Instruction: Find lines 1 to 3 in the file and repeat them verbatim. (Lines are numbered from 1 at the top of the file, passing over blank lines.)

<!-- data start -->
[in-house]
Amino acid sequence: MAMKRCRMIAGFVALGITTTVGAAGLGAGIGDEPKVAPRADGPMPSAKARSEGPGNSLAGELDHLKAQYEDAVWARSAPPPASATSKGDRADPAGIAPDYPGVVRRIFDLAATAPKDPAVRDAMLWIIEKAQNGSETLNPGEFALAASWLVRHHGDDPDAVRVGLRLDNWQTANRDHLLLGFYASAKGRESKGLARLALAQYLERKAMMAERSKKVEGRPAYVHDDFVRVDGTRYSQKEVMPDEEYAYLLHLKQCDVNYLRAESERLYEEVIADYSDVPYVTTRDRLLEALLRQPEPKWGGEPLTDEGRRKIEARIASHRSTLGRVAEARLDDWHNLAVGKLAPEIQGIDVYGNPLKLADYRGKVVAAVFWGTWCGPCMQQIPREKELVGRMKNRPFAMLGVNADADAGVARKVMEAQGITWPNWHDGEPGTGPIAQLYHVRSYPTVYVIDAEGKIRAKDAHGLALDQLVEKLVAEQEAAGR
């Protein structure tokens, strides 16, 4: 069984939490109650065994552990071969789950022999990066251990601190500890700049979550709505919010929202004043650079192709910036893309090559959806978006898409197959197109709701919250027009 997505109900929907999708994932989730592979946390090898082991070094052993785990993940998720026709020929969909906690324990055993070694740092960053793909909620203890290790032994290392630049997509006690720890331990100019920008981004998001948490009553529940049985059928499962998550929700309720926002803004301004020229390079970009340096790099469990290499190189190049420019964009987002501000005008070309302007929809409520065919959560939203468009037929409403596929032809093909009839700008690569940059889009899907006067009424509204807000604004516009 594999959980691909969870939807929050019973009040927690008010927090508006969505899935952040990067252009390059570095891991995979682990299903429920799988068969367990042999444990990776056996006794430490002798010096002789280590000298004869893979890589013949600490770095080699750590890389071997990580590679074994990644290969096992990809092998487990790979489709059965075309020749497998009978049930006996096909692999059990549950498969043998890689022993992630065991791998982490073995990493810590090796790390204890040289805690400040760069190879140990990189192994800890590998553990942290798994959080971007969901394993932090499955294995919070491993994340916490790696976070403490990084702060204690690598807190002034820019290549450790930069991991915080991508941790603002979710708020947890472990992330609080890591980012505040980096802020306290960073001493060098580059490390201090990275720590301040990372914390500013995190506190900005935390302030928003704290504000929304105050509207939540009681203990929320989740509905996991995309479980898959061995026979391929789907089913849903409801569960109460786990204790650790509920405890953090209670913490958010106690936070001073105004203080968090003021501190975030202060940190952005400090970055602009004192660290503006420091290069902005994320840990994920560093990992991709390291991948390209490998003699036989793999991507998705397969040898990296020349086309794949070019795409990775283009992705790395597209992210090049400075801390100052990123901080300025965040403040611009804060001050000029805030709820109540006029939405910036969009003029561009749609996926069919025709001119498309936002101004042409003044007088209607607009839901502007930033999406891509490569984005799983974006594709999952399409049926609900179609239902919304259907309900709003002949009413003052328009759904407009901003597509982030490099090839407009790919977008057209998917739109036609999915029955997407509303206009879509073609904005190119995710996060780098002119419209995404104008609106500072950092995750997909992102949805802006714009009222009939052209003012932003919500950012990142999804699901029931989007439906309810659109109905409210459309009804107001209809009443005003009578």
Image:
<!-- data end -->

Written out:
[in-house]
Amino acid sequence: MAMKRCRMIAGFVALGITTTVGAAGLGAGIGDEPKVAPRADGPMPSAKARSEGPGNSLAGELDHLKAQYEDAVWARSAPPPASATSKGDRADPAGIAPDYPGVVRRIFDLAATAPKDPAVRDAMLWIIEKAQNGSETLNPGEFALAASWLVRHHGDDPDAVRVGLRLDNWQTANRDHLLLGFYASAKGRESKGLARLALAQYLERKAMMAERSKKVEGRPAYVHDDFVRVDGTRYSQKEVMPDEEYAYLLHLKQCDVNYLRAESERLYEEVIADYSDVPYVTTRDRLLEALLRQPEPKWGGEPLTDEGRRKIEARIASHRSTLGRVAEARLDDWHNLAVGKLAPEIQGIDVYGNPLKLADYRGKVVAAVFWGTWCGPCMQQIPREKELVGRMKNRPFAMLGVNADADAGVARKVMEAQGITWPNWHDGEPGTGPIAQLYHVRSYPTVYVIDAEGKIRAKDAHGLALDQLVEKLVAEQEAAGR
């Protein structure tokens, strides 16, 4: 069984939490109650065994552990071969789950022999990066251990601190500890700049979550709505919010929202004043650079192709910036893309090559959806978006898409197959197109709701919250027009 997505109900929907999708994932989730592979946390090898082991070094052993785990993940998720026709020929969909906690324990055993070694740092960053793909909620203890290790032994290392630049997509006690720890331990100019920008981004998001948490009553529940049985059928499962998550929700309720926002803004301004020229390079970009340096790099469990290499190189190049420019964009987002501000005008070309302007929809409520065919959560939203468009037929409403596929032809093909009839700008690569940059889009899907006067009424509204807000604004516009 594999959980691909969870939807929050019973009040927690008010927090508006969505899935952040990067252009390059570095891991995979682990299903429920799988068969367990042999444990990776056996006794430490002798010096002789280590000298004869893979890589013949600490770095080699750590890389071997990580590679074994990644290969096992990809092998487990790979489709059965075309020749497998009978049930006996096909692999059990549950498969043998890689022993992630065991791998982490073995990493810590090796790390204890040289805690400040760069190879140990990189192994800890590998553990942290798994959080971007969901394993932090499955294995919070491993994340916490790696976070403490990084702060204690690598807190002034820019290549450790930069991991915080991508941790603002979710708020947890472990992330609080890591980012505040980096802020306290960073001493060098580059490390201090990275720590301040990372914390500013995190506190900005935390302030928003704290504000929304105050509207939540009681203990929320989740509905996991995309479980898959061995026979391929789907089913849903409801569960109460786990204790650790509920405890953090209670913490958010106690936070001073105004203080968090003021501190975030202060940190952005400090970055602009004192660290503006420091290069902005994320840990994920560093990992991709390291991948390209490998003699036989793999991507998705397969040898990296020349086309794949070019795409990775283009992705790395597209992210090049400075801390100052990123901080300025965040403040611009804060001050000029805030709820109540006029939405910036969009003029561009749609996926069919025709001119498309936002101004042409003044007088209607607009839901502007930033999406891509490569984005799983974006594709999952399409049926609900179609239902919304259907309900709003002949009413003052328009759904407009901003597509982030490099090839407009790919977008057209998917739109036609999915029955997407509303206009879509073609904005190119995710996060780098002119419209995404104008609106500072950092995750997909992102949805802006714009009222009939052209003012932003919500950012990142999804699901029931989007439906309810659109109905409210459309009804107001209809009443005003009578």